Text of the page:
An Anglican clergyman is also on hand, at last. ‘He arrived five minutes before Charles,’ recalls Father Clochard-Bossuet. ‘A nice man named Martin Draper (the serving Anglican Archdeacon of France). And it was he who told Prince Charles, “This is the Catholic priest who has been watching over Diana for ten hours.”

‘And Prince Charles was very amiable, very simple, very nice. He thanked me and invited me to come and pray with them. And so there was a prayer, the Anglican prayer for the dead, with Prince Charles, the two sisters, maybe a nurse, and the two priests, me and the Anglican. There was no one else in the room.’

The prayers last a quarter of an hour. The priest notices that Diana’s appearance has changed since he last saw her. Diana has been prepared and dressed in Lady Jay’s outfit. ‘They had put on eye-shadow and make-up,’ he recalls. ‘She didn’t have the naturalness she had before. She looked like a doll, whereas before she was just a very beautiful woman.’ A picture of Diana’s two sons, which was in her handbag, has been placed in her hands together with rosary beads given to her by Mother Teresa. She is wearing the jewellery that has been recovered from the Mercedes, although one earring is missing. (It will be recovered from the wreckage.)

Afterwards, ‘Charles thanked me,’ recalls the priest. ‘He was very, very moved. Yes, I saw tears.’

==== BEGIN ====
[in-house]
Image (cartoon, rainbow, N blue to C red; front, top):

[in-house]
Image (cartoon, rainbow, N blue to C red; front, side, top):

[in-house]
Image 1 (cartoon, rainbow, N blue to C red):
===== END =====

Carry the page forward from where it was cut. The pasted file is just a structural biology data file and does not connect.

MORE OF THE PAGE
‘But [when the royal party was praying in the room] someone from Charles’s entourage, a gentleman who I didn’t know, asked me, “How are you getting back then?” ’ Tebbutt recalls.

‘And I said, “I haven’t given it a thought, Sir. I haven’t got a shilling in my pocket.” And he said, “Well, you won’t be going on the royal plane, of course.” And I thought that was a little strange. They’re taking over. But the boss is mine. She’s still mine. Are they going to shove me on [the Eurostar] or something? But then the Prince came out and thanked me again and said, “You and Mr Burrell will be coming back with me on the plane.” ’

6.35pm: Draped in the Royal Standard and led by Archdeacon Draper, Diana’s coffin is carried to a dark blue hearse. The royal cortège departs the hospital for Villacoublay military airfield, where the coffin is transferred to an aircraft from the Royal Flight.

‘As we drove through the streets of Paris, everyone was applauding,’ Tebbutt recalls. ‘It was amazing. Very, very moving. When we got to the plane the two sisters decided they wanted to sit with Paul and me.’ The Prince and his staff sit in a different compartment.